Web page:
This new generation needs a constant new challenge. If you sit them in one spot and make them do the same thing over and over, they’re going to look for a new opportunity. And I think there’s a bit of a misnomer that they’re lazy, lack focus, and don’t know what they’re doing. I have found it to be quite the contrary. If you give them latitude and are willing to take the risk of giving them a project that’s a little beyond their skillset and comfort level, they thrive.

Q: When we talk about a talent development strategy, it’s one thing is to identify a source of talent. It’s a whole different thing to bring them on board. Do you see a concern there for students who get hired and end up in a situation where they’re essentially lost and don’t know what to do?

It does happen, unfortunately. The problem is that I don’t think these younger people are being taken seriously enough. They aren’t given enough leverage to try new things. They come into a work environment with outdated policies and a lack of diversity in their role and end up becoming bored and frustrated.


What’s the number one complaint you get from younger kids who end up in a situation like that?


Honestly, I believe the biggest frustration is that they aren’t given a chance to use their talents. It’s such an eye opener. Companies are not taking advantage of what these kids can do. The way they look at it, if you’re in prepress, you’re in prepress. That’s it.

But today they know a better way to do something, yet these executives and senior workers won’t listen to them. They see them as a threat because they don’t know about how things have been for the past 25-30 years. As a result these kids get shot down on any new ideas. If our industry would just stop, listen, and give them some time to make their position better, they will thrive. What’s more is that these companies would be even happier to pay these kids for their work. Honestly, a lot of the students coming out of my lab could replace two people with their skill sets.


You’re right. A lot of these students who are degree-holding individuals, especially graduate level degrees, come out of here with a couple years of experience already. You’re not taking someone off the streets that you need to train from the ground up. This is the advantage of having a talent development strategy. When these kids are already equipped to work at your company, you’re taking less risk when bringing them on board. Step outside of your comfort zone, give them the opportunity to do their thing and work towards a higher level of income, and they will thrive. I, too, hear a lot about kids who try to make things better at their jobs only to be held back by their leaders.


I also think it’s really important for these companies to be a mentor to them. I mean these jobs are only their second or third job. They still need somebody to show them the ropes, but they can also provide them with a better way of handling those ropes. It’s a two-way street.

Q: How do you keep your finger on the pulse of the industry? How do you stay involved with what’s going on and understanding what concerns there are in relation to your job and developing talent here at ASU?

I attend a lot of conferences. I belong to the Association of College and University printers; I belong to the Dscoop community; I sit on the board of Western States Print Alliance; I play an active role with ASU’s preferred vendors list. Needless to say I take many tours, and I usually bring along students to help involve them in what’s happening in our industry. That constant exposure allows me to prepare these kids for what to expect when they graduate.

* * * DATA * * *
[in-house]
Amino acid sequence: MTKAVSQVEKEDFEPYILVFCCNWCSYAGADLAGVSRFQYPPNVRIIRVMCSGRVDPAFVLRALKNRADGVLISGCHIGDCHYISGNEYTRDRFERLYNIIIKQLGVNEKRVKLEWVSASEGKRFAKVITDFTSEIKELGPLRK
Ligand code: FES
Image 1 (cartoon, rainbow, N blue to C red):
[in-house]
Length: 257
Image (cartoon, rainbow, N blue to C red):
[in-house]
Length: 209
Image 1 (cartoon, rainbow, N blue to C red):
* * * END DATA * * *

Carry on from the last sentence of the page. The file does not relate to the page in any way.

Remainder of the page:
Q: What do you guys (Jake and Cathy) look for in recruiting talent?


Right now, we’re looking for what I call “utility players.” The more experience, the more skills, the better. What we’re learning in our model is that the ebb and flow of the business requires people to wear multiple hats. We’re all working on tighter margins and tighter deadlines. We’re all working on bigger, quicker customer requests. We have to be very nimble.

I refer to this as the difference between being a service provider and being a manufacturer. The days of print companies being a manufacturer where you take a request, give them a price and a timeline, then plan production around that are gone. The people who are succeeding are the service providers that are going to the clients asking “what the problems do you need us to solve,” and then creating solutions for them. In order to do that you need a team who is very nimble, very flexible, and very creative. That’s the excitement for the younger generation: the opportunity to quickly learn something new and apply it. I think that’s a key attribute in our organization.

It’s what I love about the program you have here at ASU. The kids who have been here for a couple years have touched every aspect of the business at some point. They’ve dealt with customer complaints, tight deadlines, production use, prepress issues, web-to-print… they live that life. They don’t know it any different, so you don’t have to have that conversation of “how it used to be.” That’s why I get so tired of hearing that.

That doesn’t mean you need a team of just that, though. We have some very, very talented traditional tradesmen who have been in the industry for 20-30 years working alongside this next generation of talent. In some scenarios, they’re even reporting to them. But to have both the specialized tradesmen and the younger generation working with each other really gives us the ability to remain flexible and tackle larger customer requests.